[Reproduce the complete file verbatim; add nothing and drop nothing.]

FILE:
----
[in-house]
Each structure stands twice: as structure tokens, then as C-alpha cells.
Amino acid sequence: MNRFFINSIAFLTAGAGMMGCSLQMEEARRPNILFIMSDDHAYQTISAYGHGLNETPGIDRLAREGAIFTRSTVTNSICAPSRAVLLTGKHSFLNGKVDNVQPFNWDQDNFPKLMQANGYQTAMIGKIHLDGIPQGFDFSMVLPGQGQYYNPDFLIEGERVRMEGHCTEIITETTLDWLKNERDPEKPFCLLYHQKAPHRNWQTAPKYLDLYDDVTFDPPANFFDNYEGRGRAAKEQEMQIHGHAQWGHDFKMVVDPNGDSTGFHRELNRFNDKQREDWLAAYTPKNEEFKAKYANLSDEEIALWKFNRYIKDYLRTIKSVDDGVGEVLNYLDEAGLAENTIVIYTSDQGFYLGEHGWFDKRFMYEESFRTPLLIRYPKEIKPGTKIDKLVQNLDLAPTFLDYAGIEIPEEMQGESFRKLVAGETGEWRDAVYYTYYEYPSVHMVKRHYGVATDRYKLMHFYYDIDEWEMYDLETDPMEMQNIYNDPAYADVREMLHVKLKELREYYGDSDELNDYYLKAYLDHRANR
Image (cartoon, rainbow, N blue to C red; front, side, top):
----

[in-house]
Each structure stands twice: as structure tokens, then as C-alpha cells.
Amino acid sequence: MNRFFINSIAFLTAGAGMMGCSLQMEEARRPNILFIMSDDHAYQTISAYGHGLNETPGIDRLAREGAIFTRSTVTNSICAPSRAVLLTGKHSFLNGKVDNVQPFNWDQDNFPKLMQANGYQTAMIGKIHLDGIPQGFDFSMVLPGQGQYYNPDFLIEGERVRMEGHCTEIITETTLDWLKNERDPEKPFCLLYHQKAPHRNWQTAPKYLDLYDDVTFDPPANFFDNYEGRGRAAKEQEMQIHGHAQWGHDFKMVVDPNGDSTGFHRELNRFNDKQREDWLAAYTPKNEEFKAKYANLSDEEIALWKFNRYIKDYLRTIKSVDDGVGEVLNYLDEAGLAENTIVIYTSDQGFYLGEHGWFDKRFMYEESFRTPLLIRYPKEIKPGTKIDKLVQNLDLAPTFLDYAGIEIPEEMQGESFRKLVAGETGEWRDAVYYTYYEYPSVHMVKRHYGVATDRYKLMHFYYDIDEWEMYDLETDPMEMQNIYNDPAYADVREMLHVKLKELREYYGDSDELNDYYLKAYLDHRANR
Image (cartoon, rainbow, N blue to C red; front, side, top):